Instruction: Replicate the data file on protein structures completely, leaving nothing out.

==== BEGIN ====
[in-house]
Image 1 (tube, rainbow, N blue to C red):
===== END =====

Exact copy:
[in-house]
Image 1 (tube, rainbow, N blue to C red):